ABSTRACT Stress, both psychological and physiological, has been implicated as having a role in the onset and exacerbations of rheumatoid arthritis (RA).
This study investigated whether neuroendocrine and physical function in women with RA can be altered through a yoga intervention.
University research conducted at a medical clinic.
Sixteen independently living, postmenopausal women with an RA classification of I, II, or III according to the American College of Rheumatology functional classification system served as either participants or controls.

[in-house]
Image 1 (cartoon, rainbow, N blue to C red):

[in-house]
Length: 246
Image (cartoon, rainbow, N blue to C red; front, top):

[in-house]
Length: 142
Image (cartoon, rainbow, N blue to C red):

The study group participated in three 75-minute yoga classes a week over a 10-week period.
At baseline and on completion of the 10-week intervention, diurnal cortisol patterns and resting heart rate were measured. Balance was measured using the Berg Balance Test. Participants completed the Health Assessment Questionnaire (HIQ), a visual analog pain scale, and the Beck Depression Inventory.
Yoga resulted in a significantly decreased HAQ disability index, decreased perception of pain and depression, and improved balance. Yoga did not result in a significant change in awakening or diurnal cortisol patterns (P = .12).